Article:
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Google launches Al chatbot Bard

Google has started rolling out its AI chatbot Bard, but it is only available to certain users and they have to be over the age of 18.

Unlike its viral rival ChatGPT, it can access up-to-date information from the internet and has a “Google IT” button which accesses search.

It also name checks its sources for facts, such as Wikipedia.

But Google warned Bard would have “limitations” and said it might share misinformation and display bias.

This is because it “learns” from real-world information, in which those biases currently exist – meaning it is possible for stereotypes and false information to show up in its responses.

AI chatbots are programmed to answer questions online using natural, human-like language.

They can write anything from speeches and marketing copy to computer code and student essays.

It has also disclosed plans to bring a version of the tech to its office apps including Word, Excel and Powerpoint.

Google has been a slower and more cautious runner in the generative AI race with its version, Bard, which launches in the US and UK to begin with. Users will have to register to try it out.

Bard is a descendant of an earlier language model of Google’s called Lambda, which was never fully released to the public. It did, however, attract a lot of attention when one of the engineers who worked on it claimed its answers were so compelling that he believed it was sentient.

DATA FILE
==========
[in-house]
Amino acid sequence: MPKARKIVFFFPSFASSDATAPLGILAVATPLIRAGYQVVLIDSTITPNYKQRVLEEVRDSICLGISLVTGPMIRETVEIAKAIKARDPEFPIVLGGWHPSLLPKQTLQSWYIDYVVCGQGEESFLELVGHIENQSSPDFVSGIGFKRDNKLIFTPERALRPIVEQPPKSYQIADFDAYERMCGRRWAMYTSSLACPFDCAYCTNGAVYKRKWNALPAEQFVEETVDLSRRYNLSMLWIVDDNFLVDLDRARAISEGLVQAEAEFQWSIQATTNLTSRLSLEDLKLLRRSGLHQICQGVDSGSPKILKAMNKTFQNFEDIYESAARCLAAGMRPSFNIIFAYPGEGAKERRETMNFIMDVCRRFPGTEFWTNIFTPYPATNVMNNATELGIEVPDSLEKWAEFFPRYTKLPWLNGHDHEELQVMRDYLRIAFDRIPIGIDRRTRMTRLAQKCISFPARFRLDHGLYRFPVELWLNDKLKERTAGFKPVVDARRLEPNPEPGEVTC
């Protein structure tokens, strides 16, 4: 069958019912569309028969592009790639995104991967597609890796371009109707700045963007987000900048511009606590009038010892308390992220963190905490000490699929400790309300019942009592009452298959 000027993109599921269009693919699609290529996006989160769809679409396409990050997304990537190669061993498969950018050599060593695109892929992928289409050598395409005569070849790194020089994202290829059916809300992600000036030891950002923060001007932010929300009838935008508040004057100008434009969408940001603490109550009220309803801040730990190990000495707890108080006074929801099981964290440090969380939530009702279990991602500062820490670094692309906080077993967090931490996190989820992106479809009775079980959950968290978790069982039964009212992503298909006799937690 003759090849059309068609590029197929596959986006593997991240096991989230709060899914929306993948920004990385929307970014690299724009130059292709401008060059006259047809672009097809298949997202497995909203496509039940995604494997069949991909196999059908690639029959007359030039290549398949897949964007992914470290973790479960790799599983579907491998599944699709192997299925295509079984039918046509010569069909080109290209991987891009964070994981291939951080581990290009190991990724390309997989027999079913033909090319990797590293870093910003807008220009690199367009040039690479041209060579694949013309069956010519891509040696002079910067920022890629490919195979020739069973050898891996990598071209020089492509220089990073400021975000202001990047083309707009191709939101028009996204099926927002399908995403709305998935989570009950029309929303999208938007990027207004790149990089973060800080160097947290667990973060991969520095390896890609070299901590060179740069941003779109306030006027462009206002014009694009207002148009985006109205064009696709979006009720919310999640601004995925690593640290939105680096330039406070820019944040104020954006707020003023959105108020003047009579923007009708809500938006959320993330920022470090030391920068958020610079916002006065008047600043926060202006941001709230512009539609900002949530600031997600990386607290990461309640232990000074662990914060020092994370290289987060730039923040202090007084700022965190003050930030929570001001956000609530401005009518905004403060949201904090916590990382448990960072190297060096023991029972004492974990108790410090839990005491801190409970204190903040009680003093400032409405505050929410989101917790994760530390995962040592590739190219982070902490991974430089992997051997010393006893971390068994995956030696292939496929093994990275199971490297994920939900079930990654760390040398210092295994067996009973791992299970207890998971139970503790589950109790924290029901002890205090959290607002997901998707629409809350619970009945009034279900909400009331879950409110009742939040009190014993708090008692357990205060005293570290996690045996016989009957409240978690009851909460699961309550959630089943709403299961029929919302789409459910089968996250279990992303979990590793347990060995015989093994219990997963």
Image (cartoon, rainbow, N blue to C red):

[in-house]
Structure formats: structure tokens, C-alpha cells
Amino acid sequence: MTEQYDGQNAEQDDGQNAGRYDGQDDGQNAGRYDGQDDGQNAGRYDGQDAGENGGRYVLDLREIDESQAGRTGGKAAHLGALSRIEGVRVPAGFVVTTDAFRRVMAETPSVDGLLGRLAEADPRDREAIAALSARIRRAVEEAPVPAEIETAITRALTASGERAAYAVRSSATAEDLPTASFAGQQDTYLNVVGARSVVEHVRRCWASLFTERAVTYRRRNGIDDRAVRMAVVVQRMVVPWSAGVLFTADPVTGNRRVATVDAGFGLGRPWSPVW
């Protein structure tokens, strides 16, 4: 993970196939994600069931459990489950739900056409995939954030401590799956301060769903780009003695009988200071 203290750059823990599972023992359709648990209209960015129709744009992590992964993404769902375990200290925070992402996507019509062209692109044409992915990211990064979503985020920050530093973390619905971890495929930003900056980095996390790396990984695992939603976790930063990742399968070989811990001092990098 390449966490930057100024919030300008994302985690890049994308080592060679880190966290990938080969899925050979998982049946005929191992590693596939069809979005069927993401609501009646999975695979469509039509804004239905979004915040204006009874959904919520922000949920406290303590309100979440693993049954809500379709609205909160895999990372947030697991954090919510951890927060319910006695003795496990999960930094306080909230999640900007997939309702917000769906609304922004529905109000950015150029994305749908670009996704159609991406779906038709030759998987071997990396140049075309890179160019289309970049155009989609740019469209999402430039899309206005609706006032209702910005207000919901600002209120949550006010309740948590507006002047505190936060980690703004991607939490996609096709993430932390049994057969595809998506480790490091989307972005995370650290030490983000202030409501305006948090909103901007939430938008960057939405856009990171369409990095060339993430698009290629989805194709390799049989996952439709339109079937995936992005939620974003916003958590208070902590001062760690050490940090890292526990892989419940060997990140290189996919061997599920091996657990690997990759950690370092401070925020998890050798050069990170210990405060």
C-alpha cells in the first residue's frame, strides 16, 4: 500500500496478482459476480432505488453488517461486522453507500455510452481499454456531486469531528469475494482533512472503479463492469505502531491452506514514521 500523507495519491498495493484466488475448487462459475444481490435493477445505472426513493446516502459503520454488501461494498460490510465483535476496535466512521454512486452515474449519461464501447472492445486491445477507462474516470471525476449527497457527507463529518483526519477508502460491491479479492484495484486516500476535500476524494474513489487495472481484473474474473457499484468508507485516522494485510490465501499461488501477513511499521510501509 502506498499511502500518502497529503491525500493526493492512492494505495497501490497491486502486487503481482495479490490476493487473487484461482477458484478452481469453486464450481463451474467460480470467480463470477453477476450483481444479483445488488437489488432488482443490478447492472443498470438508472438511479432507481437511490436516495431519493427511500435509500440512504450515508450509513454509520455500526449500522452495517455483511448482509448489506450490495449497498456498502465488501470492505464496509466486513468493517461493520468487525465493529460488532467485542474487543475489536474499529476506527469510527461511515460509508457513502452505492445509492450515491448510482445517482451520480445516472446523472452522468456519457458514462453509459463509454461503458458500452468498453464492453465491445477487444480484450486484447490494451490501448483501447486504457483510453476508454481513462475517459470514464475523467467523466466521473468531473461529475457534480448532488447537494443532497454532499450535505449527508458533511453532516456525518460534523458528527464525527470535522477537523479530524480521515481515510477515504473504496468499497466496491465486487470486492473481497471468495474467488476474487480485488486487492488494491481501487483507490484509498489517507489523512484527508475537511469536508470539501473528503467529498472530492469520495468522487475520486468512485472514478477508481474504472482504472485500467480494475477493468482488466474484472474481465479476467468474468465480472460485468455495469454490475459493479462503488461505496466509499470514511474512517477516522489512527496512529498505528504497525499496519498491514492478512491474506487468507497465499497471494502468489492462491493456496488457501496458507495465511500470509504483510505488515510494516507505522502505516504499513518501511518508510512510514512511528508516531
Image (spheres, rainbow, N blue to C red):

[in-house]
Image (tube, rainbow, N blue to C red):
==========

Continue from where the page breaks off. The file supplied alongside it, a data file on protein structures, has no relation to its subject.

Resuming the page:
It is programmed not to respond to offensive prompts and has filters to prevent it from sharing harmful, illegal, sexually explicit or personally identifiable information but “like any method these guardrails will occasionally fail”, said Zoubin Ghahramani, vice president of Google Research.

If Google is nervous, it has good reason to be.

It helped Google write its own announcement, said the firm’s Sissie Hsiao and Eli Collins, who were also co-authors of the launch blog post.

ChatGPT has been manipulated into doing, and there are also fears that ultimately these powerful tools, still currently in their infancy, could be a huge threat to lots of different types of jobs.

There is also  and this is particularly relevant to Google  a theory that chatbots could one day replace the lucrative business of internet search altogether.

 Mr Krawczyk and Mr Ghahramani talked a lot about the responsibility and principles that come with the tech.

“They even told me about the huge data centers powering Bard, and how they aim to run them using renewable energy”.

They revealed Google was restricting access to over-18s when I asked whether students would start using Bard to do their homework instead of ChatGPT. 

Teachers have warned pupils not to use chatbots to do their work for them although some educators have embraced it.

Google says it will be closely monitoring Bard to make sure it adheres to its own “AI principles” which include avoiding the creation or reinforcement of bias.

It will not be able to express opinions , although like ChatGPT it will be able to mimic the writing styles of others.

It helped Google write its own announcement, said the firm’s Sissie Hsiao and Eli Collins, who were also co-authors of the launch blog post.

Writing by Fany Olumoye; editing by Julian Osamoto